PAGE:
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Updated August 15, 2009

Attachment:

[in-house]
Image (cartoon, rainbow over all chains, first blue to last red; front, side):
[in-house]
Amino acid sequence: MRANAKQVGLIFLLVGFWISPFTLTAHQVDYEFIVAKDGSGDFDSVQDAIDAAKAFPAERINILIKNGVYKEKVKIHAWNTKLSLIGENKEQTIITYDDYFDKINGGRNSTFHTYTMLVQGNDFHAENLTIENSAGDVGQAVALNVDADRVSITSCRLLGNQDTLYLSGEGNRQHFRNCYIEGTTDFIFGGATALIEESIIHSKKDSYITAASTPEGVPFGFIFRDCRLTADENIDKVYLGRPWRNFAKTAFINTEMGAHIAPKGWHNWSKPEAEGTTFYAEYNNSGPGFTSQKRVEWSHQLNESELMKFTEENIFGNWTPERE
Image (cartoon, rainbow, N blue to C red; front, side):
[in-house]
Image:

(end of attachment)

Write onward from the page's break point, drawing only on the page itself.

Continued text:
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The Reddens of India are one of the few Anglo-Indian families who are linked to one another by the one surname. Currently numbering in excess of 200 all the Reddens of India trace their ancestory to a lone Irishman, Rupert Martin Redden who came to India with his father Martin who, from all accounts, served somewhat reluctantly in the British Army, possibly to escape the British persecution in Ireland and the economic hardships of the old country in the late nineteenth century. He married Ellen Laura Johnson, a devout young catholic in India who bore him eight sons (William, Valentine, Mervyn, Cyril, Terrence, Bennett, Basil and Patrick) and a daughter (Virginia). Bennett and Cyril served in the British Army prior to India's independence, Bennett, barely out of his teens, losing his life in the Battle of Kohima. Mervyn joined the Jesuits but ill health forced him to leave and pursue a teaching career in St Joseph's North Point, Darjeeling and St Xavier's College in Calcutta where he taught generations of students including the crown princes of Nepal and Bhutan, before losing his life to cancer. All the other brothers and their only sister spent their lives in the railway colonies of the Bengal Nagpur Railway (renamed the South Eastern Railway after Indian Independence) and brought up families in Kharagpur, Khurda Road and Waltair. A number of the younger generation then spread to other cities and towns in India, some migrating to the UK, Australia and other parts of the world, each adding abundantly to the string of children, grand children and great grand children of Rupert Martin Redden. Upon his death in 1940 his wife Ellen Laura and their only daughter Virginia held most of the family together in Kharagpur. Ellen devoted much of her widowed life to the services of the Sacred Heart Catholic Church, in recognition of which she was awarded the papal medal "pro ecclesia et pontifice" before going to her eternal home in 1968.

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